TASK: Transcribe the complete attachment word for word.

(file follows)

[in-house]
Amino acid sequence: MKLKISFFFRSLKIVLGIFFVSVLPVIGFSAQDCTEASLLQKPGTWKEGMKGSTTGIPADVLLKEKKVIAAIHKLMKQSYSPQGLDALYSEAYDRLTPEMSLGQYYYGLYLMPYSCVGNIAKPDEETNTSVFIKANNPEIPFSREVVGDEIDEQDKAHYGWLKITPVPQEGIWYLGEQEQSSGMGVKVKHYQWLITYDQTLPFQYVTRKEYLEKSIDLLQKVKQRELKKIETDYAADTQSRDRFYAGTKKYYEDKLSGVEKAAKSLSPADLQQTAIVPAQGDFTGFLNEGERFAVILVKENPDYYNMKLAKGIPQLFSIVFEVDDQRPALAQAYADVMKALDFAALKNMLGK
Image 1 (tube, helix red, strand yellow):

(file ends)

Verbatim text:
[in-house]
Amino acid sequence: MKLKISFFFRSLKIVLGIFFVSVLPVIGFSAQDCTEASLLQKPGTWKEGMKGSTTGIPADVLLKEKKVIAAIHKLMKQSYSPQGLDALYSEAYDRLTPEMSLGQYYYGLYLMPYSCVGNIAKPDEETNTSVFIKANNPEIPFSREVVGDEIDEQDKAHYGWLKITPVPQEGIWYLGEQEQSSGMGVKVKHYQWLITYDQTLPFQYVTRKEYLEKSIDLLQKVKQRELKKIETDYAADTQSRDRFYAGTKKYYEDKLSGVEKAAKSLSPADLQQTAIVPAQGDFTGFLNEGERFAVILVKENPDYYNMKLAKGIPQLFSIVFEVDDQRPALAQAYADVMKALDFAALKNMLGK
Image 1 (tube, helix red, strand yellow):